This award supports a program of radar studies of internal stratigraphy and bedrock topography along the traverses for the U.S. component of the International Trans-Antarctic Scientific Expedition (US ITASE). The radar will provide information immediately available in the field on ice thickness and internal layer structure to help in the selection of core sites as the traverse proceeds. These data will also be useful in siting deeper millennial scale cores planned at less frequent intervals along the traverse, and in the selection of the location for the deep inland core planned for the future. In addition to continuous coverage along the traverse route, more detailed studies on a grid surrounding each of the core locations will be made to better characterize accumulation and bedrock topography in each area. This proposal is complimentary to the one submitted by the Cold Regions Research and Engineering Laboratory (CRREL), which proposes a high frequency radar to examine the shallower portion of the record down to approximately 60 meters, including the presence of near-surface crevasses. The radar proposed herein is most sensitive at depths below 60 meters and can depict deep bedrock and internal layers to a substantial fraction of the ice thickness.
This collaborative proposal supports a project to perform stable isotope analyses of samples collected along the International Trans-Antarctic Scientific Expedition (ITASE) traverses which will begin during the 1999/2000 Antarctic field season. This work will focus on the spatial and temporal distribution of oxygen-18 and deuterium in West Antarctica (where data are particularly sparse) and the calibration of the isotope-climate relationship on a site-by-site basis, using instrumental and remote-sensing temperature histories. Specific objectives of this work which contribute to ITASE are: 1) to obtain detailed oxygen-18, deuterium and deuterium excess and stratigraphic histories in snowpits at most or all of the ITASE coring sites; 2) to provide direct calibration of the isotope-climate relationship at each site through a combination of direct (AWS) and indirect (passive microwave satellite) temperature measurements; 3) to obtain isotope profiles covering the last 200 years; and 4) to use the results to provide 200-year climate histories at high temporal and broad spatial resolution across West Antarctica that will allow testing of proposed relationships among isotopes, moisture source conditions, synoptic scale climatology, and site-specific meteorological parameters, and which will enhance our ability to interpret isotope records from older and deeper Antarctic ice cores.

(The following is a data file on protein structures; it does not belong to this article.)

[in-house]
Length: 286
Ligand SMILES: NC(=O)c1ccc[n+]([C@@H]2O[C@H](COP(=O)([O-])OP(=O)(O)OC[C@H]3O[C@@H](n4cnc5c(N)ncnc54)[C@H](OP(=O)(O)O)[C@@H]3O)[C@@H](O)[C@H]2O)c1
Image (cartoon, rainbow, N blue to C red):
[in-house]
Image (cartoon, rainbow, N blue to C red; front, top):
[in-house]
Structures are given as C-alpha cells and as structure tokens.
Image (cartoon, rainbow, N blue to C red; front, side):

This is a 4-year project to examine the visual stratigraphy, physical and structural properties of the U.S. ITASE ice cores spanning the last 200 years of snow accumulation in Antarctica. A first priority will be to examine visual stratigraphy to delineate annual layer structure for dating purposes and to determine to as great a depth as possible, accumulation variability over the full length of a stratigraphically dated core. A second objective will be to measure and analyze depth-density profiles. The rate of snow and firn densification depends on both the rate at which the snow is deposited and the in situ snow temperature. These data can and will be used to derive average snow accumulation rates for the sites where annual layer structure is difficult to decipher or where stratigraphic analysis fails altogether. A third objective will entail measurements of mean crystal size over the full length of a core. Crystal growth is a strongly temperature dependent process and measurements to be made on ITASE cores will help to bridge a significant data gap that exists in the mean annual temperature range, -31° to -50°C. Additionally, crystal size data can also be used, in conjunction with ice loads based on density profile measurements, to extract mean accumulation rates for these sites where stratigraphic dating of cores proves difficult or impossible to accomplish. This is likely to occur at the lowest accumulation/lowest temperature sites along the ITASE traverse routes.
Halogenated ethane derivatives (HFC, HCFC) have been introduced as environmentally friendly CFC substitutes. Trifluoracetate (TFA) is a highly persistent, atmospheric degradation product of these compounds and there is concern that the widespread introduction of HCFCs and HFCs will lead to the accumulation of TFA in aquatic ecosystems. Indeed, our pilot data on TFA deposition at South Pole indicate a significant increase in TFA deposition in the late 1990s. However, data on pre-industrial, background concentrations of TFA in meteoric and surface wasters are ambiguous and the impact of anthropogenic TFA on these background concentrations is unclear. We will develop a record of recent TFA deposition in Antarctica using surface-snow, snow-pit and ice-core samples collected at South Pole and, through participation in ITASE, in West Antarctica.